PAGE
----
Travel insurance at affordable premiums

Guide to single trip travel insurance

Introduction

The government sponsored Money Advice Service makes no bones about it – if you are going abroad then travel insurance or holiday insurance is a must.

There are a number of reasons for such an unequivocal warning, amongst the most notable of which are the following:

  • the travel insurance which may be advertised by your credit card, any treatment detailed by your private health insurance or government agreements on your medical emergency treatment abroad are all unlikely to offer sufficient cover;
  • at the end of the day, therefore, if you or your family need medical treatment abroad you may face very significant bills, likely to run into many thousands of pounds;
  • the cost of travelling home for emergency medical treatment or for aftercare following an accident may be expensive indeed; and
  • however dire the emergency and your need to meet the steepest of costs, however, these are not matters with which the British consular services are authorised to help you.

As an illustration of the central role occupied by medical insurance, the Association of British Insurers (ABI) has reported that more than half of all travel insurance claims are related to incidents involving medical treatment or care.

In addition to the potentially life-saving provision of cover against the cost of emergency medical attention, however, travel insurance may provide valuable protection for a number of additional risks and perils.

If you need to cancel, postpone or cut your trip short, for example, you possibly stand to lose a considerable amount of money. Travel insurance typically indemnifies you against such losses.

Lost, stolen or damaged baggage may also be protected under the relevant travel insurance heading. Some of your possessions may continue to be covered even when they are out of the house and you are travelling. Nevertheless, this cover is likely to be significantly restricted. You might also find that the excess attached to claims on your home insurance is higher than a claim on your travel insurance.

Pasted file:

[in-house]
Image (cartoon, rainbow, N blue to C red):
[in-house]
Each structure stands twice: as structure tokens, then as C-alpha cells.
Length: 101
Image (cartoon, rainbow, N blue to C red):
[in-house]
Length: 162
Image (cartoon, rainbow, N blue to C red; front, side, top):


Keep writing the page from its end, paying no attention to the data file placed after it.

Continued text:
Travel insurance may also be important in offering personal liability cover – protecting you against claims from anyone alleging that something you have done, or failed to do, has led to their personal injury or loss or damage to their property.


Different types of cover

There are any number of reasons why you might be going on a trip abroad – on business, for example, or on holiday. Similarly, the duration of your trip may vary, along with the number of times each year that you travel abroad. And that is not to mention the whole host of activities in which you might participate whilst you are away.

These are all differences – along with the need to safeguard against a wide range of risks and perils – which have contributed to the differentiation and diversity of travel insurance policies available.

It may be helpful, therefore, to examine some of the broad categories into which different kinds of travel insurance may fall:

Single trip